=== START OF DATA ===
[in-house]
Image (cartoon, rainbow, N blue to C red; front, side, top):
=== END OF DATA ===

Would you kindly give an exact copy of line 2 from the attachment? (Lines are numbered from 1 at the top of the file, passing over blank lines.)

Image (cartoon, rainbow, N blue to C red; front, side, top):